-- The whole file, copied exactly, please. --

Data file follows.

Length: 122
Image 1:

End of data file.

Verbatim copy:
Length: 122
Image 1: